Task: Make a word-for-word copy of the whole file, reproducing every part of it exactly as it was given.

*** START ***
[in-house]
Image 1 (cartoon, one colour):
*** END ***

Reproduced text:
[in-house]
Image 1 (cartoon, one colour):